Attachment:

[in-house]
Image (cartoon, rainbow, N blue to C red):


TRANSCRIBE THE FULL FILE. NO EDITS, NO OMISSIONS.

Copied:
[in-house]
Image (cartoon, rainbow, N blue to C red):